From Duke Dining to gas prices, students are feeling the costs of inflation and Duke professor Emma Rasiel shared ways to manage it.
In the “Inflation: Understanding Rising Costs” seminar hosted by the Office of Student Loans and Personal Finance on Sept. 13., Rasiel, Richard Y. Li Professor of the Practice, spoke about how students can manage their finances while dealing with inflation. Rasiel recommended decreasing spending on food, planning grocery trips and budgeting.
With COVID-19 disrupting supply chains and the war in Ukraine affecting supply of fertilizer and crops, the price of food has increased by 11.4%, according to the U.S. Bureau of Labor Statistics. Food prices have primarily increased for beef, poultry, milk, eggs and fruit.
“Being a vegetarian right now is probably quite a good thing to be because meat prices are crazy,” Rasiel said. “So if you are not a vegetarian, but you can handle having less meat, that's going to save you money.”
The Consumer Price Index, which measures annual inflation for common goods, was 8.3% at the end of August, according to the Bureau of Labor Statistics, but Rasiel thinks that number may be misleading.
“Different industry areas, or types of things that we buy, all have different levels of inflation,” she said. “The two most volatile sectors are food and energy.”
After removing these two sectors, inflation drops to 6.3%. “On average, it's still not a great number,” Rasiel said. “But it helps us to bring the extent of the inflation into a little bit more manageable range.”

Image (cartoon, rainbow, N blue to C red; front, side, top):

To decrease spending, Rasiel recommended avoiding impulse buys by shopping earlier in the day, for instance.
“After you've had your night's sleep, you have more mental self control,” she said.
Buying in bulk and finding items with a longer shelf life can also save money, according to Rasiel. She also recommended planning meals ahead of time and avoiding end-of aisle bargain items.
Rasiel took suggestions from audience members on how to save money. One audience member suggested comparing prices online before shopping, while another proposed finding bruised fruit at grocery stores.
Rasiel warns inflation may continue.
“Europe's inflation is a lot worse than ours,” she said. “It doesn't help that another part of the world with whom we do a lot of transactions is in really high inflation. I don't necessarily think that means ours will go up much more, but it may slow [prices] coming down.”
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